• Encourage greater understanding and cooperation among Business Brokers,
    • Encourage sharing experience and knowledge among Business Brokers for the benefit of the business brokerage  profession, clients, customers and the public good.
  • This standard is an integral and inseparable part of the General Preamble to the Business Brokerage Standards of the International Business Brokers Association.

II. GENERAL GUIDELINES FOR COOPERATING RELATIONSHIPS

Business Brokers should:

  1. Utilize their abilities, talents and shared commitments to professional standards for the benefit of the business brokerage profession, clients, customers and the public good,
  2. Obtain agreements of terms and conditions for compensation in writing,
  3. Treat all proprietary information about clients and customers confidentially and not disclose such information to others without prior written consent.,
  4. Not solicit a client who has an Exclusive Agreement with another Business Broker,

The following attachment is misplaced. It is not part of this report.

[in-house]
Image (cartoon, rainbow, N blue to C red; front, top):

5. Have the right to refuse to cooperate with other Business Brokers.

III. CO-BROKERING RELATIONSHIPS

Business Brokers should:

  1. Obtain terms and conditions of Co-Brokering Agreements in writing,
  2. Not advertise or market another Business Broker’s listing without prior written consent,
  3. Obtain prior consent from the cooperating Business Broker before presenting any Offer,
  4. Disclose and/or provide material information including documentation, of which they are aware, to facilitate the transaction,
  5. Keep each other informed about the status of the transaction on a timely basis.

IV. REFERRAL RELATIONSHIPS

Business Brokers should:

  1. Obtain terms and conditions of Referral Agreements in writing.
  2. Upon request, agree to provide the Referring Business Broker the status of a specific transaction and notification of
    closing.